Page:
The project, as part of the Nakau Programme and owned by indigenous land owners, protects over 4,000 ha of tropical rainforest in Vanua Levu, Fiji. It helps the Fijian clans to protect their rainforests, therefore providing greater resilience against climate change, and also form community businesses including honey enterprises.



Benefits that Drawa Rainforest Project provides



Start date 2012
Coordinator Live & Learn International
Activities Improved land management
Participants 120 indigenous households
PVCs issued to-date 132,280


The detail

The Drawa Forest Project is an initiative that enables indigenous peoples in Fiji to forgo commercial logging and save their forests. The project aims to protect 4,144 hectares of forest area on Vanua Levu, the second-largest island in Fiji. The project area belongs to eight mataqali, or Fijian clans, who came together to form the Drawa Block Forest Communities Cooperative, which helped establish a protected area through a conservation lease to carry out improved forest management practices. 

The eight mataqali came together to save their forests at a time when logging coupes had been mapped out and communities were ready to clear for timber. From this, the Drawa Forest project was born.

The project also supports alternative sources of income like rainforest honey products. The conserved forest protects villages from cyclones, floods and droughts, and provides clean water for the Drawa people and other communities that rely on streams flowing from the rainforests.   

The income from the sale of carbon credits has helped set up improved water and sanitation facilities and other building projects across five villages in the region. One of the key priorities of the project is to set up honey production and agroforestry enterprises and invest in essential community infrastructure that improves access to safe drinking water and sanitation facilities.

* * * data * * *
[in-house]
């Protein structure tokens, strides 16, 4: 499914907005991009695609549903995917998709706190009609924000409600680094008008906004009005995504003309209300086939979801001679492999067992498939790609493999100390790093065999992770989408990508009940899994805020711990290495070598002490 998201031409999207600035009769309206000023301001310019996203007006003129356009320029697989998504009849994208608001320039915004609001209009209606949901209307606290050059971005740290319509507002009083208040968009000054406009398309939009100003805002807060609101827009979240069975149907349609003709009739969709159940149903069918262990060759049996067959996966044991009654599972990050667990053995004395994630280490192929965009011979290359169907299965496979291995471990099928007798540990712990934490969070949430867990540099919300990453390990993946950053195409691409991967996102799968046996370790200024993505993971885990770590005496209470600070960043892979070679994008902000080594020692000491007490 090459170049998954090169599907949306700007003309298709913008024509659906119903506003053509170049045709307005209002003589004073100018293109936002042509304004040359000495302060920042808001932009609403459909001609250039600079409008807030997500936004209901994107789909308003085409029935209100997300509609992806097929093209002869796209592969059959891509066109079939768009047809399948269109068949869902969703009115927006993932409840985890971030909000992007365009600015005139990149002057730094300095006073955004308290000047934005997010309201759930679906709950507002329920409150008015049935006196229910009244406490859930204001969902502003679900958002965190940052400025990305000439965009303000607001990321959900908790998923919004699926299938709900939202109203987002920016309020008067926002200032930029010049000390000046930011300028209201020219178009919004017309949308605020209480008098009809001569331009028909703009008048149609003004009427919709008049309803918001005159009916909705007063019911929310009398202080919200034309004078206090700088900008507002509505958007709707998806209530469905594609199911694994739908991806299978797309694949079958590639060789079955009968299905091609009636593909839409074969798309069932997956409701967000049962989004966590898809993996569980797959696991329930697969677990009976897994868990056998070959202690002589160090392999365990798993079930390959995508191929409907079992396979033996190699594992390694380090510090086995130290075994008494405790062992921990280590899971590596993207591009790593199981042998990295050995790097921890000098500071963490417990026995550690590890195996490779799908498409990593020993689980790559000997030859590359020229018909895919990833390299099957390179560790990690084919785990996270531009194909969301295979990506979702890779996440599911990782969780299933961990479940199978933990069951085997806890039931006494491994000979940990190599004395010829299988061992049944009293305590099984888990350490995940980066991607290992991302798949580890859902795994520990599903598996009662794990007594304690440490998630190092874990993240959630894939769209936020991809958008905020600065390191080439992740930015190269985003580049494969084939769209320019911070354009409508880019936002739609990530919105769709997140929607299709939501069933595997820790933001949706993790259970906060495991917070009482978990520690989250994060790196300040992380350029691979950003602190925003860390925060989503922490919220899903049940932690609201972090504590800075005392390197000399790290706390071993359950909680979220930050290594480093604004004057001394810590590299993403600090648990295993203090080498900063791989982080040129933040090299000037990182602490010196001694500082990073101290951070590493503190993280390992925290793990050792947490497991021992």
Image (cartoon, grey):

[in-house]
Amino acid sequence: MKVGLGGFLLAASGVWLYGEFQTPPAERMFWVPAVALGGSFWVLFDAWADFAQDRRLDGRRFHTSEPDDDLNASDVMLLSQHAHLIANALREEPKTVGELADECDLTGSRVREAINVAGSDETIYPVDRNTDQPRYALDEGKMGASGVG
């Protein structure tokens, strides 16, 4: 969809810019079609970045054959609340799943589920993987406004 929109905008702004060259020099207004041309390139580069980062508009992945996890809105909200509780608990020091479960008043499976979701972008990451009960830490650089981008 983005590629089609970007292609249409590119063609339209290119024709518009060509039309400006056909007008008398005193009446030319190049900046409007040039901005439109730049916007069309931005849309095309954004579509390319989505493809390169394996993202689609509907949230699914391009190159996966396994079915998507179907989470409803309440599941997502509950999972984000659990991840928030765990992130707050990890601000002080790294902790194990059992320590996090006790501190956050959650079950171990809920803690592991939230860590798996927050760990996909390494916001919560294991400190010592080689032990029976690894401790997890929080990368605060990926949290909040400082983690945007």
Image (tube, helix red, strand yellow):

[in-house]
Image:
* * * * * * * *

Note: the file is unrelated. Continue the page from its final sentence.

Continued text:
In recognition of its success, the project won the Pacific Community (SPC) and the Secretariat of the Pacific Regional Environment Programme (SPREP) Award for Excellence in Implementing Island Ecosystem Management Principles in 2015, and International Energy Globe Award for Fiji in 2020.    


 Project Stories: Our Natural Protectors


The documents




See all documents 



 SDG details

See how the project provides benefits beyond carbon and contributes to the UN Sustainable Development Goals:

Sustainable Development Goal How the project contributes
  • Provides an alternative and sustainable income to the Drawa forest communities built on payment for ecosystem services (PES).
  • Protected rainforest reduces water pollution ensuring access to clean water and sustainable forest fishing for the Drawa communities.

  • The Drawa carbon project and carbon rights are owned by the eight mataqali (Drawa clans).
  • With income from their credits, the mataqualis can pay their forest Rangers. They have also developed new micro-enterprises such as beekeeping, tree nurseries and agroforestry.
  • The Nakau methodology requires fair decision-making and benefit-sharing systems. All benefits from credit sales are shared equitably across the Drawa communities.
  • Women’s savings groups are established to ensure women have a say in how community income from credits is spent.
  • Protection of forests against logging reduces the amount of carbon entering the atmosphere, therefore helping reduce the damaging impacts of climate change.
  • Maintenance of forest cover promotes climate change resilience through reduction of soil erosion which lessen the impacts of droughts, flooding and extreme weather events.
  • Protection of these already biodiversity-rich forests will help to ensure the survival of many threatened and endangered endemic flora and fauna species.